It is a very closely held neighborhood traditional, and the people involved tend to be very tightly involved. Watching the performances also became more interesting once I had more of an understanding of how closely they are tied to the locale, especially since I could watch and recognize some of the people. Like, “Oh, that old priest on the big drums gave me a tour around the roof construction of the shrine” and “he has a mask on, but I can tell that the guy playing Susano-o is someone I know from city hall, and we went to a yakiniku party together once” and “now I finally get to hear one of my tea ceremony classmates perform the flute.”

There are a number of other dances among the Sada Shin Noh repertoire, and who knows, perhaps I will have another chance to go enjoy the atmosphere they create and oogle at the skills of the performers.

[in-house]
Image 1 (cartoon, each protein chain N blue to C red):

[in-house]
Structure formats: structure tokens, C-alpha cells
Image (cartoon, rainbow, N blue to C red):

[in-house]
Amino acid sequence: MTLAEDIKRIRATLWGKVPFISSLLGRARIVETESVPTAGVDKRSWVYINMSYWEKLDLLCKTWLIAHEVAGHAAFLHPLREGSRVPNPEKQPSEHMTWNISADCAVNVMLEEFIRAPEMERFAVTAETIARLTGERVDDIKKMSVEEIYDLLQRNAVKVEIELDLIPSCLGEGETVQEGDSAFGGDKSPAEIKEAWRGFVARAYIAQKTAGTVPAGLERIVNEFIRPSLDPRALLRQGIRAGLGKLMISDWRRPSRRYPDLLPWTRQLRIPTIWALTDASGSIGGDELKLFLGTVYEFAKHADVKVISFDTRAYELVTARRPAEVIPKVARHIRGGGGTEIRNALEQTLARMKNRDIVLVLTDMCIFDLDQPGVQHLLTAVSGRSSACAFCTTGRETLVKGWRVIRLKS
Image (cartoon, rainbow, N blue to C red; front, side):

Continued from Part 3









Refresh yourself on their story here.


Okuninushi’s troubles with Susano-o start here.



We’ll end here on that ambiguous note for now, but there are still two more stories to come!

In the meantime, we’ve got some explaining to do about all these mysterious identities, as all of them are wrapped up into the local San’in culture.

Learn about the sites and culture associated with this legend!
Daikoku and Ebisu, the lucky gods
Ebisu’s home, Miho Shrine

Or start reading the next story!
The birth of Sada-no-Okami
(Or keep reading to the conclusion of Okuninushi’s story)

Or see the Kojiki a.t.b.b. masterlist!
The Kojiki Myths in Manga Form

The most recent installment of the Kojiki manga I wrote was rather long, but seeing as a lot of it takes place in the Underworld, I won’t be introducing that here (I staying in the world of the living, thanks).